How did the three of you begin working together?

The short version is that I had a Twitter account where I was tweeting as my hamster Izzy, and at that time I reviewed a miniseries comic of  Ben Fisher's called Splitsville, which I really enjoyed. Ben found my hamster account and started writing back to Izzy as another hamster. Eventually we had some actual human being conversations as well (haha) and realized we should really write a book about all the ideas we were having about hamsters, adventures, and weird science. At the time when we needed to find an artist, Ben suggested Michelle Nguyen, who he'd worked with on the Grumpy Cat and Pokey comics. Her art works really well with our book, and thus, the creative team solidified.

Shout-outs also to Thom Zahler, who's an established comics creator in his own right and also is our letterer for the book. Michelle's partner Adrian Ricker assisted with the color flatting process, and illustrator Eric Orchard created our world and burrow maps. It's a great team, and made better as well by the editors and team at Lion Forge.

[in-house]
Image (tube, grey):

When you were writing it with Ben Fisher, how did the process work?

Ben and I bounce a lot of ideas off of each other. We then do rough story and character arcs, tighter detailed outlines, and full scripts. There are several stages of editing after that to get the scripts just right. There's a lot of text, call, and email traffic involved.

And then what did you give Michelle Nguyen to work from? A full script?

Michelle gets a full script, and we try also provide resource and photo references for anything very specific we are asking of her. Of course, some of the things we ask for have no known references, so I know that's part of Michelle's adventure in illustrating The Underfoot.

How did you decide to move from writing about comics to making them?

I like to write, period, and I like writing about creators and creative properties I enjoy or admire. I like that so much that I'm still trying to make time for it amidst the launch of The Underfoot.
But I've also written creatively for much of my life, in poetry, short fiction, and webcomics, so that creative process isn't new to me. Regarding a long-form larger comics work, I hadn't quite hit on an